Maguindanao town mayor gives out chickens, vegetables sourced from local producers

MANILA, Philippines – Mayor Datu Shameem Mastura of Sultan Kudarat, Maguindanao, has found a way of sourcing relief goods for his constituents from local food producers.

His effort addresses two key concerns in this time of pandemic and quarantine: First, he is able to provide food for his constituents that is fresh and healthful. Second, he is able to help local food producers stay in business and keep his area's economy afloat. 

Mastura began distributing rice and canned goods to affected communities in March, after the municipal government placed Sultan Kudarat under enhanced community quarantine as a safety measure against the spread of COVID-19.

On April 2 and 5, Mastura started distributing dressed chickens puchased from local growers to around 20,000 households.

“We believe that it won't hurt if our people can experience some small comfort amid this pandemic,” the 29-year-old mayor said. 

In a Facebook post, Mastura called on local farmers to sell their produce to his office so that the municipal government can distribute fresh food to the community.

“Sa ngayon panawagan sa lahat ng mga farmers natin na kung sino may harvest diyan…. Dito na 'nyo ibenta para ipamigay sa taong bayan (For now, we are appealing to our farmers who have harvests to sell these produce to us so we can distribute them to the people in the community).”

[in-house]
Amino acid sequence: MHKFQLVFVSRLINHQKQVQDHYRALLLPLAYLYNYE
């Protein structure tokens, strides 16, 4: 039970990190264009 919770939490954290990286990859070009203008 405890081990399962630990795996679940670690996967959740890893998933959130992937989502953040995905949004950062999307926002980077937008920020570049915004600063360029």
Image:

Mastura’s wife, Bai Settie Shahara Mastura, who is also a member of the Bangsamoro Transition Authority (BTA), said they distributed freshly harvested vegetables to around 5,000 residents of Sultan Kudarat. 

“Araw-araw po tayong bibili ng gulay upang ipahamahagi sa tao (we will buy vegetables daily so we can distribute these with the people),” she said. 

She said that canned goods manufacturers were already earning well from the relief packs purchased by government agencies, so they figured that the municipal government can also get their relief goods supply from local food producers such as farmers, fisherfolk, and poultry raisers. 

“The next plan would be to buy fish, seafood, from our fishermen here,” she added. 

The two officials said that while there were still no confirmed COVID-19 cases in their town, another challenge would be how they can sustain the relief efforts while keeping the local economy alive. –